Centrelink Q&A: How will home sales affect Age Pension?

Age pensioners Kevin and his partner have bought a house together. What now?

How will home sales affect pension?

Kevin and his partner are in the process of selling their homes and moving in together. What will this mean for their Age Pension payments?

Q. Kevin
I have sold my home and have bought another house with my partner. She has also sold her unit and, after settlement, will move to our new address. At that point, we will advise Centrelink that we will be living together at the same address in a house we jointly own.

We are both full single pensioners at this time and understand that we will be transferred to the couple rate once we begin to live together. After settlement, our combined savings will amount to about $170,000. Will this mean a reduction in our pensions?

A. Centrelink assesses your eligibility for the Age Pension by applying the rules of the income and assets tests, and then paying the lower resulting amount of the two calculations.

When you advise Centrelink that you are living as a couple, you will be assessed as such. The maximum base rate per fortnight for a single age pensioner is $814 and for each member of a couple $613.60.

For a homeowner couple to receive full Age Pensions, they must have no more than a maximum of $380,500 in assets combined and no more than $837,000 to receive part-Age Pensions. Your Age Pension is reduced by $3 for every $1000 you exceed the asset limit.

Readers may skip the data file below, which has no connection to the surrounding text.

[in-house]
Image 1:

You and your partner should make an appointment to see a Centrelink Financial Information Services officer to discuss your situation.

If you have a Centrelink question, please send it to newsletters@yourlifechoices.com.au and we’ll do our best to answer it for you.

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    COMMENTS

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    Ian
    18th Jun 2018
    11:46am
    "Your Age Pension is reduced by $3 for every $1000 you exceed the asset limit." That is wrong but also right what is not included is the deeming rate 3.25% so for every $1000 Now you have an earning of $32.5 per $1000 so now you loss $3 per $1000 plus some for the income
    Greg
    19th Jun 2018
    11:29pm
    You lost me Ian - pension is reduced by $3 for every $1000 over the asset limit (currently $380500), the deeming rate has nothing to do with it unless the income from work/deeming means a lower pension amount THEN the pension is calculated on the Income Limits.

    So in fact YLC is correct.
    HarrysOpinion
    18th Jun 2018
    12:46pm
    If you were a single homeowner (without the $170,000) your pension will be $908 per fortnight (pf).
    The same as above but with $170,000 in bank. Your pension will be $887 pf.
    Couple home owner with $170,000 in bank will reduce your pension to $684 pf each.
    Rule of thumb-Anything over $157,000 will be subject to Deeming Income Rule-
    Andy
    18th Jun 2018
    1:09pm